Positive PhIII can’t salvage Merck’s anacetrapib, now relegated to the scrap heap

There will be no CETP heart drug miracle in the works at Merck.

The pharma giant looked over a set of positive but troublesome Phase III data for its drug anacetrapib and concluded today that they will relegate it to the same graveyard that has greeted every other CETP heart drug so far.

The decision underscores a tidal shift in drug developer’s standards for launching a big new drug into a major market, where the data has to point to a compelling market opportunity. Failing that, marginal drugs don’t stand a chance, even if they might pass muster at the FDA.

“Unfortunately, after comprehensive evaluation, we have concluded that the clinical profile for anacetrapib does not support regulatory filings,” said Roger Perlmutter, president of Merck Research Laboratories. “During the past half-century, Merck has made numerous, important contributions to the treatment of cardiovascular disease. Our work in cardiovascular research continues.”

Once upon a time, CETP offered a bright prospect for some of the world’s biggest developers, driving massive late-stage studies in search of huge markets that would run for years and gobble hundreds of millions of dollars. Then rivals at Roche, Pfizer and Eli Lilly all fell by the wayside with poor outcomes.

Roger Perlmutter

Eventually, Merck was left to carry on to the end. But when it announced stunningly positive data earlier this year, the pharma giant carefully refrained from any victory celebrations. The data underscored the reasons for their low-key review.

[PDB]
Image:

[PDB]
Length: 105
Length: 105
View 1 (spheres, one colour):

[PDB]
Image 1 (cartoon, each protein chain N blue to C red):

Across the study population of more than 30,000 patients, the drug arm demonstrated a 9% reduction in the risk of a composite of major coronary events: coronary death, myocardial infarction or coronary re-vascularization. That translates into a lean and hard-to-market 1-point difference — a significant but so-so 10.8% compared to 11.8% — in the rate of events. And it was a consistent result across the sub-groups that the researchers wanted to follow.

After a bit more than 4 years of treatment on average, non-HDL cholesterol level declined by 17 mg/dL; good HDL levels rose by 43 mg/dL.

The bad news:

Dragging behind on expected rates of presumed ischemic stroke, researchers concluded that the drug missed the key secondary endpoint of their composite of major atherosclerotic events: myocardial infarction, coronary death or presumed ischemic stroke.

These days, that spells a drug that can get approved but never find a market. And that’s not good enough for the likes of Merck.

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